The first thing one has to do is to compose oneself in a comfortable position, for this book is large and weights I don't know how many pounds; the next to remember that the author has an axe to grind, a\or at least has constituted himself leading counsel for his client Egypt, and in a learned and most convincing argument not only proves the undoubted antiquity of his client's claim, but that it was from Egypt, or rather Central Africa, that the human race originated, and that it is to Egyptian symbolism, and more particularly to the Ritual of the Dead, that we must go if we would rightly understand the temples, rites, ceremonies, and customs of mankind past and present. From Egypt they came and to Egypt must we go.

The book is in every sense a great book, and, by the way, it forms an excellent seventh volume to Gerald Massey's monumental work. Brother Wynne Westcott is very rightly condemned as displaying a peculiarly acute ignorance of both Freemasonry and Egyptology, and further on so is that chattering journalist, Mr. Andrew Lang — the Paul Carus of the British Isles.

Dr. Churchward is a Freemason of a very high degree, but yet not high enough to understand that secrets that need safeguarding are no secrets at all. “L. H.” for left hand is excusable because it saves printers' ink; but “these need no explanation to R.A.M.'s” etc., etc., is ridiculous because R.A.M.'s need not be told about it, and if you are not going to divulge this frightful secret about a “Tau” why bother to say so? Remember that “an indicible arcanum is an arcanum which cannot be revealed,” even by a R.A.M.! The Hebrew throughout is very faulty; either Dr. Churchward knows none, or else the proofs have been sadly neglected. But now let us turn to the subject over which he must have spent years of labour.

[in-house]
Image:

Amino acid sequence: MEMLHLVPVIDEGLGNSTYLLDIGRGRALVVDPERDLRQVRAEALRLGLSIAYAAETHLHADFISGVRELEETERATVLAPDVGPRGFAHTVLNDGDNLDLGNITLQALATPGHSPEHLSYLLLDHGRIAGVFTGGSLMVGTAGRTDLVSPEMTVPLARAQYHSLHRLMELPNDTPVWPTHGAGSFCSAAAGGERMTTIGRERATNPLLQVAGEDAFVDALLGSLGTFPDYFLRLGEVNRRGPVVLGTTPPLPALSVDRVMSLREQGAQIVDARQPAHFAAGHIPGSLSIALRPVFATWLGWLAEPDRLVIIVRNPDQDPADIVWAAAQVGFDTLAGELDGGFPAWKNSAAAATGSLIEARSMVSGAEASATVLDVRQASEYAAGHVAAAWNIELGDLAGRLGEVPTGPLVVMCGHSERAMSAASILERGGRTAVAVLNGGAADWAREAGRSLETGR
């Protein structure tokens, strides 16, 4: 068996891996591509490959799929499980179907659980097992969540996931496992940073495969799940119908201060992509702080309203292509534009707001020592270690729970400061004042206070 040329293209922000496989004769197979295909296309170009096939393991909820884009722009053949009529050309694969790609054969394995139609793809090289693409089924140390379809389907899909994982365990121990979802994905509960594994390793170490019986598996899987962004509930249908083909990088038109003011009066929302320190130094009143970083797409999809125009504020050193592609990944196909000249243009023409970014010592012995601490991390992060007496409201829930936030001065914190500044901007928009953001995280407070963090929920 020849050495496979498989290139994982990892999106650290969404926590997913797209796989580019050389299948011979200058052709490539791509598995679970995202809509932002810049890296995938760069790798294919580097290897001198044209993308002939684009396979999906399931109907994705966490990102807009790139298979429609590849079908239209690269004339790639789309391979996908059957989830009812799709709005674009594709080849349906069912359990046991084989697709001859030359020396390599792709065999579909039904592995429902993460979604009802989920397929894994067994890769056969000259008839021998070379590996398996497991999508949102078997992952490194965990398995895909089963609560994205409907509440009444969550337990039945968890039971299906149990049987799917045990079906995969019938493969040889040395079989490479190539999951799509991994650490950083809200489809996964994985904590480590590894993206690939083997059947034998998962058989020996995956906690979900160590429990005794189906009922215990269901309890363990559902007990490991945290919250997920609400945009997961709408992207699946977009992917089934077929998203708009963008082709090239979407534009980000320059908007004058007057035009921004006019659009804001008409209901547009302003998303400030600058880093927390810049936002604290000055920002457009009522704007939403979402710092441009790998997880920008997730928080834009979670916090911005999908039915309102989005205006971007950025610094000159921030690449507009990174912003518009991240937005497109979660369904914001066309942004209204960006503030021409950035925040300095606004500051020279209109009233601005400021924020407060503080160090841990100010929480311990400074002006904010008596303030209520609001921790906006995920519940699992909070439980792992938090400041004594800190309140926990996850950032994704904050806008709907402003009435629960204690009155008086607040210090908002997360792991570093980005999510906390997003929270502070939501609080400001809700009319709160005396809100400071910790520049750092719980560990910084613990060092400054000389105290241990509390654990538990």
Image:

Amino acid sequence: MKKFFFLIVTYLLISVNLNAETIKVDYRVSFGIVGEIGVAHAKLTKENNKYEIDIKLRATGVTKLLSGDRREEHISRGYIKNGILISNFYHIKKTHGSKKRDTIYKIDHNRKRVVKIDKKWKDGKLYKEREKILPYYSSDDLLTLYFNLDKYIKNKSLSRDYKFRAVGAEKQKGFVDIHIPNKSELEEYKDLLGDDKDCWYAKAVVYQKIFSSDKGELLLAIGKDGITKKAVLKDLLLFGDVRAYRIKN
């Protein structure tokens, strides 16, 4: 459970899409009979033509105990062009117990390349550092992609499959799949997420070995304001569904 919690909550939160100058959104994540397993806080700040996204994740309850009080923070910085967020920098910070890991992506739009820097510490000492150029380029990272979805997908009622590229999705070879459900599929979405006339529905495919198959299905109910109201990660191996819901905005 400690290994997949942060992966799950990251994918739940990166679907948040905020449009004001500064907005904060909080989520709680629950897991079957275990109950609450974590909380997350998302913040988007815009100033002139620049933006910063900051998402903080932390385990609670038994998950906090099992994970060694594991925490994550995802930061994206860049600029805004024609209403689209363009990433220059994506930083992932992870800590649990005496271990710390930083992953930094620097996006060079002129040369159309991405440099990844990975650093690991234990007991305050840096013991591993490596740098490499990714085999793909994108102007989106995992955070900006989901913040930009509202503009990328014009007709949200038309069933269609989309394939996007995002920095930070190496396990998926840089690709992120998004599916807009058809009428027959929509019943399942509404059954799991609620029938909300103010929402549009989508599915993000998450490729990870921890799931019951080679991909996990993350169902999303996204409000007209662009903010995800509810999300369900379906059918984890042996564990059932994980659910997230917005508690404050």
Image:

Man he traces back to the Pygmies of Central Africa, these or beings very like them hundreds of thousands of years ago emigrated all over the world — they were Paleolithic man, and whether these ape-like little beings had a Mythos {341} or not would appear to be doubtful, but the next great exodus, that of Neolithic man, carried with it the Stellar Mythos, — that of the Seven Stars and the Pole Star, and the varied quarters to which these primitive men travelled is carefully indicated on the map at the end of the book. Though it may seem strange that they crossed vast oceans, it must be born in mind that the configurations of the globe have changed since those remote periods; besides, primitive man did get about the world in a most extraordinary way, as such islands as Madagascar and Easter Island prove. The inhabitants of the former are Polynesian and not African, of the later, seemingly Melanesian, judging by their skulls, and the Solomon Islands, the nearest Melanesian islands to Easter Island, are thousands of miles away. Ducie Island, the nearest island to Easter Island, is many hundred miles away, and the coast of South America is no less than 2,300 miles distant. And yet in this tiny island we find proofs of very high civilization, and it is curious that Dr. Churchward has not mentioned the numerous hieroglyphics found there concerning which a very full account is given in the Smithsonian Reports of 1889. After these came another exodus, carrying with it the Lunar and Solar Mythos, and Horus became under varying names the supreme world-god, and his four sons, or emanations, the four quarters.